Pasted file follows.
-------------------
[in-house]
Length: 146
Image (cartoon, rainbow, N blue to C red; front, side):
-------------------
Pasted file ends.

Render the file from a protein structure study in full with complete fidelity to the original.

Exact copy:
[in-house]
Length: 146
Image (cartoon, rainbow, N blue to C red; front, side):